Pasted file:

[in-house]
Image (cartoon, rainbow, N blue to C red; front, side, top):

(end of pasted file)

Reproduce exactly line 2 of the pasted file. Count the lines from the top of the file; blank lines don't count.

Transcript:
Image (cartoon, rainbow, N blue to C red; front, side, top):